For many, the outcome of this month's election was deplorable. Hillary Clinton was in a peck of trouble with many for referring to her opponent's supporters as a "basket of deplorables." The dictionary will tell you that "deplorables" is not a word, no matter how cute and irascible that image may be when made in reference to a litter of rabid pit bull puppies. But we got the idea, and it set off all kinds of sensitivity alarms. Everyone who voted for Donald Trump cannot be lumped into that litter of rabid pit bull puppies. Not everyone.
What is deplorable for some is completely acceptable for others. For example, if there is a person who insists that the shootings of twenty six and seven year olds along with six of their teachers at Sandy Hook Elementary school four years ago was faked. In an episode of his eponymously titled radio show in January 2015, Alex Jones said that “Sandy Hook is a synthetic completely fake with actors, in my view, manufactured.” Jones, who has claimed that the Sept. 11, 2001 terror attacks were carried out by the United States government, has been called “almost certainly the most prolific conspiracy theorist in contemporary America” by the Southern Poverty Law Center. Mister Jones is also a self-proclaimed Trump ally. It has been said that politics make strange bedfellows, but the relative deplorability of those bedfellows isn't often explored until they reach unsafe limits. Alex Jones has his radio show and Infowars, a web site devoted what he perceives as "the truth" and his own YouTube channel where his rhetoric gets full sail. He does daily battle with the evil he has determined is the "mainstream media." If that means he dances on the graves of a few dead first graders, so be it.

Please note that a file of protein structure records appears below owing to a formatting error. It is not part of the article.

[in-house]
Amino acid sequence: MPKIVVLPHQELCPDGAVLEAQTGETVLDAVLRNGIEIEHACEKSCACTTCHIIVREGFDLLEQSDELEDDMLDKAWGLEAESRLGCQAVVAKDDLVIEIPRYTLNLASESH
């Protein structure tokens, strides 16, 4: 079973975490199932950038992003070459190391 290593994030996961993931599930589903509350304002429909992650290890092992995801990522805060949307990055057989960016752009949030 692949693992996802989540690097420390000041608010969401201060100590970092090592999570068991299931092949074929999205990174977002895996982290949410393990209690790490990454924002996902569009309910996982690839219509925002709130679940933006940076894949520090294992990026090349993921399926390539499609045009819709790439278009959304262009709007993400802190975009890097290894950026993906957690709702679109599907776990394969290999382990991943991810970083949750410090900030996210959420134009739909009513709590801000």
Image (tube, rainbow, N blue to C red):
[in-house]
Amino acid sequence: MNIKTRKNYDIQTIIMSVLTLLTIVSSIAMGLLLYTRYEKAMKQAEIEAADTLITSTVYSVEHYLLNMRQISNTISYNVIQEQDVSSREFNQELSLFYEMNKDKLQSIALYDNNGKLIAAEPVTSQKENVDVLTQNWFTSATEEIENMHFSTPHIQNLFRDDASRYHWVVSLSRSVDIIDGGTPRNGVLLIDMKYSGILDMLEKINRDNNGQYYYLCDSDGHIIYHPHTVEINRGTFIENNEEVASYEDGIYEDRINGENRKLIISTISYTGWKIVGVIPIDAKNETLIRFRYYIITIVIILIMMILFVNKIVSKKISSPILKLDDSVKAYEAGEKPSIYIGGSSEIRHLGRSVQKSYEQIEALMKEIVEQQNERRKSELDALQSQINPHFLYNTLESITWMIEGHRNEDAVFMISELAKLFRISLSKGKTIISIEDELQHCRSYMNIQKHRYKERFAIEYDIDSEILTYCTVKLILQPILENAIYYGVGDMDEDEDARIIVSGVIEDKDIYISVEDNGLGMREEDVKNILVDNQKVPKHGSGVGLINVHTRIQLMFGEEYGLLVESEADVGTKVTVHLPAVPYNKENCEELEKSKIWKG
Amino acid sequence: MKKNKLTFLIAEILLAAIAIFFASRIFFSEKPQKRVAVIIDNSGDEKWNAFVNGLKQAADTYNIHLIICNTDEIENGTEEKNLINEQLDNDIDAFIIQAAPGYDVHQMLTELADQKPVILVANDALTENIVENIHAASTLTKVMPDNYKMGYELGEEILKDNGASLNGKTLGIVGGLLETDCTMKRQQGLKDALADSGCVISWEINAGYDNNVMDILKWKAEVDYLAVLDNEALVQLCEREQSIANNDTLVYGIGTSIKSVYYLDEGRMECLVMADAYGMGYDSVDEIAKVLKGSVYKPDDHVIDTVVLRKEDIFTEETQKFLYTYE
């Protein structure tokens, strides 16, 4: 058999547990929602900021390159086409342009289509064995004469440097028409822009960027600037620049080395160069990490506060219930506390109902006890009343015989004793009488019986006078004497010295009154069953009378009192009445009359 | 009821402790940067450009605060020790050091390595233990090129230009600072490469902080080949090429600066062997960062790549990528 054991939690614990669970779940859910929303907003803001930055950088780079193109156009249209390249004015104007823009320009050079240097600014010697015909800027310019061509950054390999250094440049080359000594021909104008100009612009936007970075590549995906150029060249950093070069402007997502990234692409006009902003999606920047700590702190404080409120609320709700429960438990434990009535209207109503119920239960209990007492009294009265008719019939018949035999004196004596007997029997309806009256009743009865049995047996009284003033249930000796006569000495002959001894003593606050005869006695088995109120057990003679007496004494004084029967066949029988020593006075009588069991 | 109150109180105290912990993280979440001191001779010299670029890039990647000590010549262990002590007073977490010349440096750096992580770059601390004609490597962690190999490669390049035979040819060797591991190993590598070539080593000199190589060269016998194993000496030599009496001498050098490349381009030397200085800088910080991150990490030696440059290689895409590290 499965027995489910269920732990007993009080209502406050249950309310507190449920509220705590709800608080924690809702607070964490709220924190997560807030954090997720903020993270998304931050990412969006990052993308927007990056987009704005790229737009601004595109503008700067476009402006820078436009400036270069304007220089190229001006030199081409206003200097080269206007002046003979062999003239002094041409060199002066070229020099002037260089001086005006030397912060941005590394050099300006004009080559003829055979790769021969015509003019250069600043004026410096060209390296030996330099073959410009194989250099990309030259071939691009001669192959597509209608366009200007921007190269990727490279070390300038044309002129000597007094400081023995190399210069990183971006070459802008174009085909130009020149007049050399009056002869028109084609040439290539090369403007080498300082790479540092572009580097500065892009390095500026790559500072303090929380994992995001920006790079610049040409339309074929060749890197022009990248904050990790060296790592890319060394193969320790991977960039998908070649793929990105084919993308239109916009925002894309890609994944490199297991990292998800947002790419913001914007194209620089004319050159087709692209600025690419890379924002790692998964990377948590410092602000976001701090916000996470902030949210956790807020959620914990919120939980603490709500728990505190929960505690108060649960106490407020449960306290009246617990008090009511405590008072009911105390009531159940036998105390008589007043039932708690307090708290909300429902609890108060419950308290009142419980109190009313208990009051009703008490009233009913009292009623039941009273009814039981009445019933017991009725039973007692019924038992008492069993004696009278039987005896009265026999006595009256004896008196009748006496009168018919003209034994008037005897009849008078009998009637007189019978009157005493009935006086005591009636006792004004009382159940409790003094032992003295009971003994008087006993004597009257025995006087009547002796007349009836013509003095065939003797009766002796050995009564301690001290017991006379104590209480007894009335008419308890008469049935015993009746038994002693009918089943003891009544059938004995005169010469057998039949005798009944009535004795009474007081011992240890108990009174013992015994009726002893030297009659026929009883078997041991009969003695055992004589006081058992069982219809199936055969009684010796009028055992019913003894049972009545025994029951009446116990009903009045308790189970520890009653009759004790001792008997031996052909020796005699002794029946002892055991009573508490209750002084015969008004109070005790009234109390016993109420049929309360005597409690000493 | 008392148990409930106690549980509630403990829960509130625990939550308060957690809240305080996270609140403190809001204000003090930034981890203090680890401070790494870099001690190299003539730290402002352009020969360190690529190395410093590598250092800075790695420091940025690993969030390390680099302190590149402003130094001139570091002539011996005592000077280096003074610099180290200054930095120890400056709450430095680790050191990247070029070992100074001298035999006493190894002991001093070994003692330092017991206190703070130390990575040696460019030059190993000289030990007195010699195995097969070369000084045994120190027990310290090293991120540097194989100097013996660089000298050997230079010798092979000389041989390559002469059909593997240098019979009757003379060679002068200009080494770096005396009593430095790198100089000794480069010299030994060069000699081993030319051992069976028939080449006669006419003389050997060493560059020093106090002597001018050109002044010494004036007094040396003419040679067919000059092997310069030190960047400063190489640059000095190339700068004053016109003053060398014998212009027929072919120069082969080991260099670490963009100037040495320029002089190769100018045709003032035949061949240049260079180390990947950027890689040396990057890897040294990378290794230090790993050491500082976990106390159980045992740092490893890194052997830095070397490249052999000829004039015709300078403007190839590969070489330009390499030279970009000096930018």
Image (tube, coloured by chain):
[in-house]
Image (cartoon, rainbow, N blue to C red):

Deplorable? Something to consider as the president elect continues to establish his inner circle.